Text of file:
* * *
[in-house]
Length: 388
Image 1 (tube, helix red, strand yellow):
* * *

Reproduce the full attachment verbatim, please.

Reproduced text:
[in-house]
Length: 388
Image 1 (tube, helix red, strand yellow):